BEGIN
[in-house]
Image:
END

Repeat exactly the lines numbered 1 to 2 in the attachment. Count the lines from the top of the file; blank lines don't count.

[in-house]
Image: